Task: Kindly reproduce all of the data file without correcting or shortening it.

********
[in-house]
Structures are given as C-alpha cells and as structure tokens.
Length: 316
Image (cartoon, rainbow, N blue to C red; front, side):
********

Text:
[in-house]
Structures are given as C-alpha cells and as structure tokens.
Length: 316
Image (cartoon, rainbow, N blue to C red; front, side):